Time has never acted like it is linear in my observation. It extends and stretches when you wish it could speed by. And it slows and circles back when you would most prefer it go quickly. Time is relative is a good joke, but also might be more related to a curse.
As I was waiting for a food delivery order today I could feel time unspooling. It stretched on into two episodes of some engaging but fundamentally disinteresting Netflix show. My head began to hurt. I remember taking an aspirin and getting a snack. I recall a phone call made to the delivery service order. And then my sense of linearity starts to fray. I’m not sure what happened next or in what order.
I think it was clear a migraine was coming on in the middle of this first act of swollen stretching time. But I couldn’t tell you for sure. Once pain hooks up with time it requires a Buddha or someone enlightened on the ways of Jhana. Still I tried to push myself out of the path of this time. Why not ordered a pizza as a replacement meal. That might be quick? I blamed the blooming migraine and it’s sister nausea on a lack of food. But in reality I was past the point of being helped. I was simply trying to avoid the oncoming path of the migraine.
I recall a pizza arriving but not the original delivery order. I made an attempt to eat. But I was in the grips of the time expanding migraine now. I took an Imitrax. I had some CBD. Perhaps terrapins and triptans could convince my mind that the moments of pain were short and fleeting. That was my best hope for experiencing the migraine in a positive way.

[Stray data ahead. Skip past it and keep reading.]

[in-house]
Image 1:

I put on a face mask. I sunk into a mindfulness practice. I noticed and turned over the kinds of discomforts I found myself in one by one. The emotional fears that I wanted distance rose up. The pain that bubbled around my body tightened, giving me a rationale for not wanting to being touched. A mind that wanted to drift far from others overlapped with my normal mind, this mind wasn’t forced to endure the noisy input from the world. All those experiences rose and burst forth and dissipated. Pain, distance, and fear came and went.
Consciousness seemed possible again. I had the sense that I could articulate some of what happened to me over the past three hours. That perhaps I could codify it in writing. It wouldn’t be as vivid but it would be there. The fear and failure and disprovals still existed but less acutely. The pressure on my mind had become less swollen. Time wasn’t threatening to extend out any other direction but forward. And maybe I could finally enjoy a bite to eat again. It has been five hours total since the migraine began.